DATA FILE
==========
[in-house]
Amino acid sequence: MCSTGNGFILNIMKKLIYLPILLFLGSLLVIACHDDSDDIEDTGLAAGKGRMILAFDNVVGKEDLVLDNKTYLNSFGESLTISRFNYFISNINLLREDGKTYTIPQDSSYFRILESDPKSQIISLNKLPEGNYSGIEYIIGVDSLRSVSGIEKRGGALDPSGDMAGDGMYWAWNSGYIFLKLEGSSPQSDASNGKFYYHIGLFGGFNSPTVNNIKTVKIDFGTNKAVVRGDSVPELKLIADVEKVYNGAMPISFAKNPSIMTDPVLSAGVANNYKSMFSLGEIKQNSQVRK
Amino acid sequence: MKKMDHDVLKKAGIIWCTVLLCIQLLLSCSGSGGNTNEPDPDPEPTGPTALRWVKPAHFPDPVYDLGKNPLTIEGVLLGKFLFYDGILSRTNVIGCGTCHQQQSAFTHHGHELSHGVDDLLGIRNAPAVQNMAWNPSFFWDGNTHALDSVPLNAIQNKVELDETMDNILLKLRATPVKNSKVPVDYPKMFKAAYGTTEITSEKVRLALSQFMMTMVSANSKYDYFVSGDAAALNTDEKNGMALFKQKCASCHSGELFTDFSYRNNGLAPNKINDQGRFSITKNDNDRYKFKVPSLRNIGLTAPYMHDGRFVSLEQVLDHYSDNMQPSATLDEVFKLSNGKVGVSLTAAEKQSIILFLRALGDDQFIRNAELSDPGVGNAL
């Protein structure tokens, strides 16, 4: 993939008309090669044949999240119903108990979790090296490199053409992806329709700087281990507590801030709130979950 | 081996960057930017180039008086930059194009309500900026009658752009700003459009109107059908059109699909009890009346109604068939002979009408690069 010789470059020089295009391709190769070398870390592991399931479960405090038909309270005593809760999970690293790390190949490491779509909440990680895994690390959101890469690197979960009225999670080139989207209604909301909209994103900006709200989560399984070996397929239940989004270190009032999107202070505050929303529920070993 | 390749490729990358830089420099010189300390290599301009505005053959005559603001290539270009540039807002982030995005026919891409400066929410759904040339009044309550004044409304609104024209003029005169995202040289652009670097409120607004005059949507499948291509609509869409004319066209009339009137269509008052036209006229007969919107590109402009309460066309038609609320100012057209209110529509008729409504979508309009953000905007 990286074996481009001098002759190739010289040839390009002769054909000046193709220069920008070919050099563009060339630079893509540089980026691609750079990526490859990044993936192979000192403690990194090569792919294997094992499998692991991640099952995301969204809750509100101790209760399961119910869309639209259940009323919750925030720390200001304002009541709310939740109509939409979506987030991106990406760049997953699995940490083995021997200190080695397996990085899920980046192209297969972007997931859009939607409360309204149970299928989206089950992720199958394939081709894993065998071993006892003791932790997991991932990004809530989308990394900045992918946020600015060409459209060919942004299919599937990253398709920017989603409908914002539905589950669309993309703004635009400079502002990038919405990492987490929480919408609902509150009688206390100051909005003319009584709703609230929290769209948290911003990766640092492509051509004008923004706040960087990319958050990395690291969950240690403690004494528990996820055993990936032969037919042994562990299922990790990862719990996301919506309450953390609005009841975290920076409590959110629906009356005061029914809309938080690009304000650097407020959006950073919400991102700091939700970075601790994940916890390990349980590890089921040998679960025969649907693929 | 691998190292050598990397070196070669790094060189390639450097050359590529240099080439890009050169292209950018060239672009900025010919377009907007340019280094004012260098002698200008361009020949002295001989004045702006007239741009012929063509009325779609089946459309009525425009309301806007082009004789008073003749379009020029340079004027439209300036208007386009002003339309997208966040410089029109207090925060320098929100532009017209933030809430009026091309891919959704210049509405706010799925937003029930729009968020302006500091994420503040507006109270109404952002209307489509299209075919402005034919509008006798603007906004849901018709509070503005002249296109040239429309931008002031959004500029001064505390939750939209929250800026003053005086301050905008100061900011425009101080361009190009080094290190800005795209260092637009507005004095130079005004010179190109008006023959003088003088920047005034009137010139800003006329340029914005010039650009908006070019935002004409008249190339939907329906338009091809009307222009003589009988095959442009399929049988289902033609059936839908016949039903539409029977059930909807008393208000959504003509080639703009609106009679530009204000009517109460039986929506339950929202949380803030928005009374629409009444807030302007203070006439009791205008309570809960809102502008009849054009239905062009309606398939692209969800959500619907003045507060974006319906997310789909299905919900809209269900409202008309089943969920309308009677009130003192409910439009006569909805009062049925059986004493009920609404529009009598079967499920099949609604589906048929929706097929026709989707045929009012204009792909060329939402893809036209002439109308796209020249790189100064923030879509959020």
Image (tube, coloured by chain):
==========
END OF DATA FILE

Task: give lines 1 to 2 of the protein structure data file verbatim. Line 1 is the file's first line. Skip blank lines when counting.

[in-house]
Amino acid sequence: MCSTGNGFILNIMKKLIYLPILLFLGSLLVIACHDDSDDIEDTGLAAGKGRMILAFDNVVGKEDLVLDNKTYLNSFGESLTISRFNYFISNINLLREDGKTYTIPQDSSYFRILESDPKSQIISLNKLPEGNYSGIEYIIGVDSLRSVSGIEKRGGALDPSGDMAGDGMYWAWNSGYIFLKLEGSSPQSDASNGKFYYHIGLFGGFNSPTVNNIKTVKIDFGTNKAVVRGDSVPELKLIADVEKVYNGAMPISFAKNPSIMTDPVLSAGVANNYKSMFSLGEIKQNSQVRK